Dark Heart of Sweden: A Review of Lazarus, by Lars Kepler

Ever since the series began in 2009 with The Hypnotist, the tales of Joona Linna, Saga Bauer, and the dark heart of Sweden, Lars Kepler has captivated their audience.  Swedish detective fiction is a very unique genre, one which often goes far and above the types of crimes and mysteries written about by American counterparts.  Beginning with The Girl with the Dragon Tattoo, the world found a taste for the darkness that only Nordic authors seem capable of capturing.  Since the completion of that trilogy, Lars Kepler has kept the tradition going.  Originally published in 2018, but only recently released in English, Lazarus is the seventh entry into the newly christened Killer Instinct series of detective novels.  I have followed this series since the beginning, and each entry never fails to draw me in while making me feel slightly ill.  The best combination for a detective novel.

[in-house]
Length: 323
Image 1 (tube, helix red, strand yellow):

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Stockholm Noir: A Review of The Rabbit Hunter, by Lars Kepler

Detective fiction is one of those genres most readers believe to be a modern invention, beginning with the Victorian publication of Sherlock Holmes.  And, while Mr. Holmes certainly deserves credit for taking the genre mainstream, it’s origins may be found in much older stories.  Chinese detective fiction may be traced back to the thirteenth century, while another detective story may be found in One Thousand and One Arabian Nights.  Solving a mystery, collecting the clues, and trying to guess the ending is an unending fascination.  Today, detective fiction is more popular than ever.  There is an innate desire to solve the mystery before anyone else in every reader on this planet.

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